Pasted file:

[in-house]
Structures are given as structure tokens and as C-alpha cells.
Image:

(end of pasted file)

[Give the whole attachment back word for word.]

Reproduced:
[in-house]
Structures are given as structure tokens and as C-alpha cells.
Image: